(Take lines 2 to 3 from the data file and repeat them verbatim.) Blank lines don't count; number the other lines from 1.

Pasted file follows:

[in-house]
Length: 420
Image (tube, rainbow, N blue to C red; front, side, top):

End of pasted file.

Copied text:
Length: 420
Image (tube, rainbow, N blue to C red; front, side, top):